You'll never taste the difference with this shocking copycat in-N-out keto burger. Who needs a…
If you are craving beef lo mein, enjoy this healthier version which you can make from home in no time flat! I’ve also included variations for Keto, Paleo, and Whole30!
Instead of ordering beef lo mein take-out which is loaded with refined carbohydrates and excessive oil, you’ll fall in love with this low-carb, full-flavored, nutritious version!
what is lo mein?
Lo mein is a stir-fried noodle dish. Long, soft noodles are tossed with a savory and sweet sauce with beef, chicken, shrimp or pork, plus veggies. The end result is a bowl of pure deliciousness!
what are lo mein noodles made of?
Both lo mein and chow mein are made from the same type of Chinese noodle. This noodle is made from wheat flour and eggs, similar to Italian pasta.
are beef lo mein noodles gluten free?
Because lo mein noodles are typically made with wheat flour noodles, they contain gluten unless stated on the package.
With that said, there are many types of noodles (gluten-free and even, low-carb!) that work like a charm.
paleo lo mein
To make paleo lo mein, I used shirataki konjac pasta which can be found in organic sections of grocery stores or bought on Amazon.
In this recipe I supplemented the shirataki noodles with zoodles which was fantastic. Brown rice noodles are a great gluten-free option (although not low-carb).
Of course, any noodle of choice will work, low-carb or not. Spaghetti noodles work fine!
what vegetables do I use with lo mein?
I like to take this opportunity to load up on veggies. Basically, whatever is in my fridge gets tossed in. For this recipe I used mushrooms, sweet onion, spinach and carrots but you can’t go wrong with any veggies you use.
Other ideas include: red pepper, carrots, spinach, bok choy, snap peas, cabbage or broccoli.
Feel free to change the protein too. Shrimp, chicken and pork are great substitutes for beef.
how to make beef lo mein
The sauce takes seconds to make and you can easily tweak it based on your dietary needs. I like to use low-carb sweeteners so this recipe calls for xylitol. Other low-carb options include monk-fruit, like Lakanto granlular or erythritol like Swerve granular.
To make this Paleo-compliant, use honey and for Whole30, use dates (or date paste). All other ingredients are paleo, whole30 and keto.
Combine the ingredients in a pot and simmer over medium heat, then reduce to a low bubble while you prepare noodles, veggies and beef.
Cook the noodles according to package directions. Drain and set aside.
To make this keto, use shirataki or zoodles. To make this paleo or Whole30, use zoodles.
I was a little skeptical using the shirataki noodles because they’re packaged differently with no cooking involved. They were delicious and have become a staple in my house!
Heat the sesame oil in a large wok or skillet. Add the vegetables to the hot pan. Stir fry until fork-tender, about 5 minutes. Put aside in a bowl while you cook the beef.
I used skirt steak for the beef. Because skirt steak has a lot of connective tissue running through it, you want to cut it very thin (so it only takes 2 or 3 minutes to cook).
Flank steak, ribeye or top sirloin will work great in this recipe. Whatever cut you choose, make sure the beef achieves a nice golden color.
Add everything back to the pan, including the sauce and stir to combine. Serve with toasted sesame seeds or green onions.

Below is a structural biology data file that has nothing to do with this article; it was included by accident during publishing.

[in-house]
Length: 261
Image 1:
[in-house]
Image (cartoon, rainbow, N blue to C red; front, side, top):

how to store low mein
Store the lo mein in an airtight container in the fridge. It will last for 3-5 days! The good news is that the sauce gets richer as it marinates in the fridge!
other paleo, keto or whole30 meals you’ll enjoy:
- shrimp tacos with spicy lime slaw
- sesame chicken with “fried” cauliflower rice
- sloppy joes on crispy sweet potatoes with pickled onions
- copycat Chick-fil-A sandwich
- copycat in-N-out burger (whole30, paleo)
- bacon cheeseburger soup
Lastly, if you make this beef lo mein, be sure to leave a comment and/or give this recipe a rating! Above all, I love to hear from you guys and always do my best to respond to each and every comment. And of course, if you do make this recipe, don’t forget to tag me on Instagram! Looking through the photos of recipes you all have made is my favorite!Print
You’ll love these noodles tossed in a savory and sweet sauce (with a touch of heat), tender beef and market fresh vegetables. The end result is a bowl of pure deliciousness!
- 2 tablespoons coconut, avocado or olive oil
- 1 cup sliced mushrooms (I used portabellas)
- 1 onion sliced thin
- 1 carrot julienned or shredded
- 2 cups fresh spinach
- sea salt to taste
- 1 1/2–2 cups skirt steak, thinly sliced (substitute with protein of choice)
- 12 ounces shataki noodles (see notes for substitutes)
For the sauce
- ½ cup bone broth (stock or vegetable broth)
- 3 tablespoons coconut aminos
- 1 teaspoon toasted sesame oil
- 1 teaspoon sugar, xyllitol, erythritol or honey
- 1 teaspoon chili garlic sauce or hot sauce of choice
- 1 to 1 ½ inches peeled ginger, grated or minced (or 1 teaspoon ground ginger)
- 2 cloves garlic, grated or
- 1 teaspoon arrowroot or tapioca starch
- For the sauce, combine in a pot and warm over medium heat, then reduce at low bubble while you prepare noodles.
- If using shataki noodles, rinse in colander and put aside. If using other noodles, following directions on the box and put aside when done cooking.
- Heat oil in a large nonstick skillet over high heat, add vegetables and cook until fork tender (approx. 5-6 minutes). Remove veggies and add steak. Cook until browned w/ pink center (this should be sliced thin so will only take 2-3 minutes). Add veggies and noodles back to the pan. Add sauce.
- Toss to combine and serve topped with scallion tops and sesame seeds.
Keywords: lo mein, beef lo mein, healthy lo mein, lo mein recipe